In 1944, Capt. Josiah J. Newman is the doctor in charge of Ward 7, the neuropsychiatric ward, at an Army Air Corps hospital in Arizona. The hospital is under-resourced and Newman scrounges ... See full summary »
Semi-autobiographical tale from the early life of director Franco Zeffirelli looks at the illegitimate son of an Italian businessman. The boy's mother has died, and he is raised by an ... See full summary »
A bad Polish actor is just trying to make a living when what should intrude but World War II in the form of an invasion. His wife has the habit of entertaining young Polish officers while ... See full summary »
Life becomes so harried after Ensign Pulver's prank, he and the Captain are swept off deck during a storm, ending up on a tropical island, a group of ship wrecked nurses, dancing natives and 1 very big case of appendicitis.
Robert Walker Jr.,
During the latter part of World War I, Private Charles Plumpick is chosen to go into the French town of Marville and disconnect a bomb that the German army has planted. However, Charles is ... See full summary »
Philippe de Broca
Sgt. Thorne Ryan, who once fought bravely in Korea, now serves as a hard-nosed drill instructor to new Army recruits at Fort Bliss, Texas. But is he really the man he is often described as?... See full summary »
During the build-up to D-Day in 1944, the British found their island hosting many thousands of American soldiers who were "oversexed, overpaid, and over here". That's Charlie Madison exactly; he knows all the angles to make life as smooth and risk-free as possible for himself. But things become complicated when he falls for an English woman, and his commanding officer's nervous breakdown leads to Charlie being sent on a senseless and dangerous mission. Written by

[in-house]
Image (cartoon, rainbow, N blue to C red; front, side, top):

Although the DVD cover states that film historian Drew Casper does the audio commentary, it's actually Arthur Hiller. He speaks very fondly of the making of the movie. See more »
The airplane that takes the Admiral back home bears a USAF roundel (i.e., red strip inside the "wings") three years before there was a "USAF". See more »
Lt. Cmdr. Charles E. Madison:
Hi, Harry. It'll only be a few moments, sir. Put that hand luggage in the automobile. Paul? Paul!
Chief Petty Officer Paul Adams:
Lt. Cmdr. Charles E. Madison:
Put the footlocker in the jeep. Everything else goes in the two-and-a-half. Unloading shouldn't take long, so you won't be more than a few minutes behind us. I'll see you back at the hotel. Harry. Is everything set at the hotel?
[Slaps driver on butt]
Female driver, unidentified:
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The three women that James Coburn sleeps with are collectively credited as "The Three Nameless Broads (in order of appearance)". See more »
One of the very best anti-war movies, esp. for Americans
This film is being released on cable again here in the fall of 2002. I guess I hope some liberal Hollywood mogul is doing it on purpose, to give us, especially those of us in the US, another good dose of anti-war. The movie seems especially apt for me, for my countrymen, because it is both funny and serious, and, set in England, it gives a pretty good sense of what a people who know war think and feel about it.
I'm afraid I doubt that it's going to have much effect against the probably coming Iraq action, but I'd like to think it might have a bit.
Both James Garner and Julie Andrews do well in the film, and Melvyn Douglas is real good as an American ranking Naval officer who's sane about the "glories of war". The Brit who plays Julie Andrews mother, whose name I unhappily cannot remember, deserves strong mention, too, especially with her scene about the absurdity and stupidity of memorializing the first Allied death in the invasion at Normandy in WW II.
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